Nevin Manimala Statistics

State of South Dakota’s Child: 2023

S D Med. 2024 Jan;77(1):6-23.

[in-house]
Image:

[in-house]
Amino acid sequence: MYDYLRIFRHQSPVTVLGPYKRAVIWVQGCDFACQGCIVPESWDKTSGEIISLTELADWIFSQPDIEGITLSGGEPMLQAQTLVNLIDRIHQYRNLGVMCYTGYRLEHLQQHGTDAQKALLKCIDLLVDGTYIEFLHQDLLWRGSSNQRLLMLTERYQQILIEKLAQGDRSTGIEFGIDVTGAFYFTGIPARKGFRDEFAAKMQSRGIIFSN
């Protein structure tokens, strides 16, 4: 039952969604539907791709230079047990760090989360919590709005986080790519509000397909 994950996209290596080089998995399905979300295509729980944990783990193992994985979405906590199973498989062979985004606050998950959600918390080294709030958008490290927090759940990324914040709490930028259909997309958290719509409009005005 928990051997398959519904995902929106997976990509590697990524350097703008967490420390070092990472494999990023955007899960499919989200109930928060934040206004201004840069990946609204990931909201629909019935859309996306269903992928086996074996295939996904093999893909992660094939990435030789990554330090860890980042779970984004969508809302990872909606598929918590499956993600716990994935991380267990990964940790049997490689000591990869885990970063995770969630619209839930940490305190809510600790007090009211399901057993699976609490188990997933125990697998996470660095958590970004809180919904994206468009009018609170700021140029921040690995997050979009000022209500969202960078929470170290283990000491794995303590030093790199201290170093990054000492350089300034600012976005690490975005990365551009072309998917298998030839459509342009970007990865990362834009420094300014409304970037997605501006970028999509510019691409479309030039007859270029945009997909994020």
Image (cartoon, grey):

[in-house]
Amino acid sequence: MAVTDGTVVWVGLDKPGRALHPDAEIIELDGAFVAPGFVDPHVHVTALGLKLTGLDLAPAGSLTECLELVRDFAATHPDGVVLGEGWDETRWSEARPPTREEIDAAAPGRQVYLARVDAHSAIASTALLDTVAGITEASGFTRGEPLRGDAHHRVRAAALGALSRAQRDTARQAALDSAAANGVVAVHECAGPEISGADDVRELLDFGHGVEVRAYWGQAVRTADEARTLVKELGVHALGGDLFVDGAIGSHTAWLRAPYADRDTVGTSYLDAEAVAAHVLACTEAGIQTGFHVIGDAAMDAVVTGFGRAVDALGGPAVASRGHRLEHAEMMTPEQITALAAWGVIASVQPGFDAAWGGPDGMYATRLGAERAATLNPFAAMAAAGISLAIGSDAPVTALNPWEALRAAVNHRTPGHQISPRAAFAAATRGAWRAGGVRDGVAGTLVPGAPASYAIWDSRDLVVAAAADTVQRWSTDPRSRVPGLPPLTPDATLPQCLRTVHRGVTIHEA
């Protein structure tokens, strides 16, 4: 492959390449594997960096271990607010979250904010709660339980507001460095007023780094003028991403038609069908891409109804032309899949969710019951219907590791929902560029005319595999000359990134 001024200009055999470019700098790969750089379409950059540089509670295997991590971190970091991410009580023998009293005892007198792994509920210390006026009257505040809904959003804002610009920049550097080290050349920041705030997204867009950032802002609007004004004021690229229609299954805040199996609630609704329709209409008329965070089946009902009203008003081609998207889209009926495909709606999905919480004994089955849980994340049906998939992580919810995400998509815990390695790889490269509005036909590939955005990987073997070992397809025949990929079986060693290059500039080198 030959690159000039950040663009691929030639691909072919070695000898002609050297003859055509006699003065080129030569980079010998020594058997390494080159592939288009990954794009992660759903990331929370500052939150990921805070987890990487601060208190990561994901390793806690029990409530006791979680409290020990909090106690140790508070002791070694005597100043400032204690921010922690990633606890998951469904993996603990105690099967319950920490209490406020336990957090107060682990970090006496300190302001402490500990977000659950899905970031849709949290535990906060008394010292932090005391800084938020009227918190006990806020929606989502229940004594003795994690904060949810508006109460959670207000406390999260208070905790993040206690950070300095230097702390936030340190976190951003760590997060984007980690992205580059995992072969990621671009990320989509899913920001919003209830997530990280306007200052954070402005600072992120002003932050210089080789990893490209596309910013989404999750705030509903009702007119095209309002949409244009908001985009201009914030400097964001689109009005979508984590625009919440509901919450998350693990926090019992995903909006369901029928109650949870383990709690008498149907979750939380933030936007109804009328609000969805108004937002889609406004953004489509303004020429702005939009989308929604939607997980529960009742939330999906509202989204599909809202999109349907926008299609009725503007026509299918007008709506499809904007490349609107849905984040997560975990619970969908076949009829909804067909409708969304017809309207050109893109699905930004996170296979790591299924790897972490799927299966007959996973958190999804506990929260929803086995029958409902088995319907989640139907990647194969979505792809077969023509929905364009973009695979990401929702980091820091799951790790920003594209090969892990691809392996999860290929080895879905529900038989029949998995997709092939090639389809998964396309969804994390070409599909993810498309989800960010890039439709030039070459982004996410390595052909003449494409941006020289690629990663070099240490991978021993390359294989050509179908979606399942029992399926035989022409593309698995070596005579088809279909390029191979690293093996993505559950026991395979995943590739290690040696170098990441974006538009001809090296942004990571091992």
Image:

In 2022, there was a decrease in births in the state with 111 fewer resident newborns than in the previous year. This represented a decrease of 1% of its white and 3.5% of its AIBO (American Indian, Black and Other) births. The 2022 birth rate per 1,000 population for the state (12.3) is higher than observed nationally (10.9) but matches its 2020 rate that was an historic low. Approximately 22% of all births in 2022 were AIBO and this percent of the state’s entire birth cohort has decreased in the past several years. The American Indian contribution to the AIBO cohort has also decreased as its racial diversity has increased. The percent of births that are low birth weight has consistently been lower in South Dakota than nationally. An increase of 16 infant deaths in 2022 from 2021 and the decreased number of births led to an increase in the infant mortality rate (IMR = deaths in first year of life per 1,000 live births) from 6.3 to 7.8, but this 2022 IMR is not statistically significantly higher than its previous five-year mean. Further, the 2022 increase in the IMR was almost entirely among white infants with the post neonatal mortality rate (PNMR = deaths between 28 and 365 days of life) decreasing between these two years for AIBO infants. Nonetheless, the state’s five year mean rates of death (2018-2022) are significantly higher for the AIBO than white infants for the neonatal (0-27 days) and post neonatal periods of the first year of life. Recently, however, the ratio of AIBO to white post neonatal mortality rate (PNMR) has decreased, but increased for the neonatal mortality rate (NMR). Infants in South Dakota are significantly more likely between 2018 and 2022 to die of congenital anomalies, sudden unexpected infant death (SUID), and accidents/homicides than in the United States in 2021. SUID remains the leading cause of post neonatal death and its risk may be decreased when babies are placed to sleep supine and alone in environments that are devoid of soft hazards.


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